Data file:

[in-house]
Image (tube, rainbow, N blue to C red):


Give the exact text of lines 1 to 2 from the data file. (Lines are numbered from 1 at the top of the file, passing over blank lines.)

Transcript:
[in-house]
Image (tube, rainbow, N blue to C red):